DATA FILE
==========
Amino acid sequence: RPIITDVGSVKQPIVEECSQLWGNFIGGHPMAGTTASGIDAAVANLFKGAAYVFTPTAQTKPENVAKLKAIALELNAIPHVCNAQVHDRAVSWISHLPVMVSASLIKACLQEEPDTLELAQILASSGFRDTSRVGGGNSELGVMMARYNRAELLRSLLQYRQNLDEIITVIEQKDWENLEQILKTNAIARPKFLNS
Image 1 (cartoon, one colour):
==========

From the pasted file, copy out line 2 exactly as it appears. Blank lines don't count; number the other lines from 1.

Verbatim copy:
Image 1 (cartoon, one colour):